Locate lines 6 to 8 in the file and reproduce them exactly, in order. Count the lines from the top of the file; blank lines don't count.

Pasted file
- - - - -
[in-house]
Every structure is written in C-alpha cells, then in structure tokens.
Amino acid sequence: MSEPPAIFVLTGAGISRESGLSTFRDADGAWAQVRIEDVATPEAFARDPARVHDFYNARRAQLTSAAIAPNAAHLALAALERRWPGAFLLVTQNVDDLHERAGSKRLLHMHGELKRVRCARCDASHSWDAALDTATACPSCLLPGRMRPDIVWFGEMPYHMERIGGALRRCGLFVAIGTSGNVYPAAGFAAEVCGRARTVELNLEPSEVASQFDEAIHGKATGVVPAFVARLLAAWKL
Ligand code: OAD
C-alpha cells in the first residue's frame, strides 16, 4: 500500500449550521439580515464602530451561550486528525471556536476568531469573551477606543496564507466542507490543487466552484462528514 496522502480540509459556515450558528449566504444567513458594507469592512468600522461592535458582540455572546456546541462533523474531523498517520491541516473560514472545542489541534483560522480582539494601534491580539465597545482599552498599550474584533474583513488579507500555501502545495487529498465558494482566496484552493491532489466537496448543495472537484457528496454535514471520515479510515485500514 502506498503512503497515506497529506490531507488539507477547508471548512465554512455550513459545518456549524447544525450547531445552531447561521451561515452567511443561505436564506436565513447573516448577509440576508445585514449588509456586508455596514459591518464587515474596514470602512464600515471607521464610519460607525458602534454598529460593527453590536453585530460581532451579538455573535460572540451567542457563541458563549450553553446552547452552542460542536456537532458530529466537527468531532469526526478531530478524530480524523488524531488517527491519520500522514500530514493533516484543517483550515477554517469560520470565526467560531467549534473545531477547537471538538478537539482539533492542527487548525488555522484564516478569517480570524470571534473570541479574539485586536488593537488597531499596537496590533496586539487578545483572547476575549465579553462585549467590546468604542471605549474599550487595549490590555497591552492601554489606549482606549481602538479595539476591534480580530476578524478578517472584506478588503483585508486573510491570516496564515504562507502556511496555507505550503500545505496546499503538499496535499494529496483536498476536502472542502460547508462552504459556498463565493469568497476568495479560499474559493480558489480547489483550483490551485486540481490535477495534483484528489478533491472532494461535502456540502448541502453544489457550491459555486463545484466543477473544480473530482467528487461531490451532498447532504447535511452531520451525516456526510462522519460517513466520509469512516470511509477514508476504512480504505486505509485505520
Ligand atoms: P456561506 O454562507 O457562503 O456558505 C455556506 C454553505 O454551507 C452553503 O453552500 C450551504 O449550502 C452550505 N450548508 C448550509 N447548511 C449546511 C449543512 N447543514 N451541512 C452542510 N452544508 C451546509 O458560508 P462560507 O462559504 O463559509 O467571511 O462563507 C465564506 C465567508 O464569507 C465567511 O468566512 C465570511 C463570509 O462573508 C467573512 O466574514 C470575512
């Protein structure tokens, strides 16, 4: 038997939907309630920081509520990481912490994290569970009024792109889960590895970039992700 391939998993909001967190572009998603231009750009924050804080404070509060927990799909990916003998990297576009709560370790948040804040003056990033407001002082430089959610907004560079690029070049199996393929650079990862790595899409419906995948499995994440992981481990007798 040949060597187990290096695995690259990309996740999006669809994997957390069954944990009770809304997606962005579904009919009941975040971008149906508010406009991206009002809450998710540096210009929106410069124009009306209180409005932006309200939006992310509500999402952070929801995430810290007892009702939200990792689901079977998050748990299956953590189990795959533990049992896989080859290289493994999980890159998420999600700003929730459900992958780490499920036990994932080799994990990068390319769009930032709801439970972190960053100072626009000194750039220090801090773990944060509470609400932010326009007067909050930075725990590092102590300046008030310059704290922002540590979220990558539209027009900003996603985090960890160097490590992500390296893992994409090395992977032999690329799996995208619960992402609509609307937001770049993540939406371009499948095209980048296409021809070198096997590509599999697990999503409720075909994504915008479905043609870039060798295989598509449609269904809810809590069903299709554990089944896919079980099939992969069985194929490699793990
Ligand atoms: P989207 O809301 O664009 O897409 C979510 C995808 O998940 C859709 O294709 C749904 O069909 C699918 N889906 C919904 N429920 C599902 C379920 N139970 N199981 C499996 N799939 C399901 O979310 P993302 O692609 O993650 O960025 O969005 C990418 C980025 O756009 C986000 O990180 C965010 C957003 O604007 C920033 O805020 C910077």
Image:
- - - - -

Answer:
Ligand atoms: P456561506 O454562507 O457562503 O456558505 C455556506 C454553505 O454551507 C452553503 O453552500 C450551504 O449550502 C452550505 N450548508 C448550509 N447548511 C449546511 C449543512 N447543514 N451541512 C452542510 N452544508 C451546509 O458560508 P462560507 O462559504 O463559509 O467571511 O462563507 C465564506 C465567508 O464569507 C465567511 O468566512 C465570511 C463570509 O462573508 C467573512 O466574514 C470575512
């Protein structure tokens, strides 16, 4: 038997939907309630920081509520990481912490994290569970009024792109889960590895970039992700 391939998993909001967190572009998603231009750009924050804080404070509060927990799909990916003998990297576009709560370790948040804040003056990033407001002082430089959610907004560079690029070049199996393929650079990862790595899409419906995948499995994440992981481990007798 040949060597187990290096695995690259990309996740999006669809994997957390069954944990009770809304997606962005579904009919009941975040971008149906508010406009991206009002809450998710540096210009929106410069124009009306209180409005932006309200939006992310509500999402952070929801995430810290007892009702939200990792689901079977998050748990299956953590189990795959533990049992896989080859290289493994999980890159998420999600700003929730459900992958780490499920036990994932080799994990990068390319769009930032709801439970972190960053100072626009000194750039220090801090773990944060509470609400932010326009007067909050930075725990590092102590300046008030310059704290922002540590979220990558539209027009900003996603985090960890160097490590992500390296893992994409090395992977032999690329799996995208619960992402609509609307937001770049993540939406371009499948095209980048296409021809070198096997590509599999697990999503409720075909994504915008479905043609870039060798295989598509449609269904809810809590069903299709554990089944896919079980099939992969069985194929490699793990
Ligand atoms: P989207 O809301 O664009 O897409 C979510 C995808 O998940 C859709 O294709 C749904 O069909 C699918 N889906 C919904 N429920 C599902 C379920 N139970 N199981 C499996 N799939 C399901 O979310 P993302 O692609 O993650 O960025 O969005 C990418 C980025 O756009 C986000 O990180 C965010 C957003 O604007 C920033 O805020 C910077």